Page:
The recent spat between Democratic presidential candidates Hillary Clinton and Barack Obama over whether or not the president should meet with nations like Iran, Syria, and N. Korea reflects a divide in the public about how much diplomatic engagement the United States should use when dealing with rogue nations. A Rasmussen Reports poll released on Friday found that Americans are divided about this issue. 42% of those surveyed agreed with the Obama position that the next president should meet with these types of leaders without any preconditions. 34% disagreed with this position, which would place them in the Clinton camp on this issue, and 24% were not sure.

Interestingly, Democrats agreed with the Obama position by a 55%-22% margin, but only 34% of all Americans and 34% of Democrats were aware that this was his position. 11% of Americans, 14% of Democrats, believed that this was Clinton’s position. Twenty four percent of those asked did know Clinton’s position was not to agree to these types of meetings. Seven percent of those asked thought that Obama who said he would not pursue such meetings. Republicans tend not to favor meetings with the leaders of Iran, Syria, and N. Korea, and unaffiliated voters are evenly divided on the issue.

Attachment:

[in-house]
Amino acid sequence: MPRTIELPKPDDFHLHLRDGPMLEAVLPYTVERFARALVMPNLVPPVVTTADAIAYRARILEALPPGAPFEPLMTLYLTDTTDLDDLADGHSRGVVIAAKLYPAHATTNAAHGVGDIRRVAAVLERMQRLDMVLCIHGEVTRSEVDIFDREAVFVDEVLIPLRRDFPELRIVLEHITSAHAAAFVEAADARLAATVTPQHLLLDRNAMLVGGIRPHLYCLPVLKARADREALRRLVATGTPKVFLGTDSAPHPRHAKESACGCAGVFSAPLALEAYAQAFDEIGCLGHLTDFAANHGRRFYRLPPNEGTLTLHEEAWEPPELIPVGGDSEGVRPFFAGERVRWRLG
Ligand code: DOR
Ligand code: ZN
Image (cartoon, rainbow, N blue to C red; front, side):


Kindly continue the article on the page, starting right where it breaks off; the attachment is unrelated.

This poll along with a separate one that found that only 15% of Americans think the presidential debates are “exciting,” tells me that most people aren’t paying attention at all. By the way, 58% of those asked said the presidential debates are boring. 30% say the debates are informative, and 50% think they are “useless.” I am a person who writes about politics everyday, and I wouldn’t say that these debates are very informative or exciting. If the point of starting the campaigns a year earlier than normal was to get more people interested and involved, so far the experiment has been a flop. Now if the point of campaigning early was to expand the campaign industry, that the year 2007 has been a resounding success.

What the Obama/Clinton diplomacy argument reveals is that Hillary Clinton is out of step with a majority of Democrats on yet another issue. However, one must ask if it really matters how in step she is right now? This issue might be the beginning of a divide which will distinguish Obama from Clinton, but for now it probably won’t change the race at all.  It is likely that casual voters won’t start paying attention in any way until we get closer to the Iowa caucuses. That means that there is still another four months to go before people start to take even a cursory look at the 2008 candidates. For hardcore political junkies like myself, and I suspect those of you are reading this, the extra campaign time is great, but much of the country hasn’t bothered to tune in yet. The impact of this dispute between Clinton and Obama will likely be minimal.

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Jason Easley is the editor of the politics zone at  His news column The Political Universe appears on Tuesdays and Fridays at 

Jason can also be heard every Sunday at 7:00 pm (ET) as the host of The Political Universe Radio Show at


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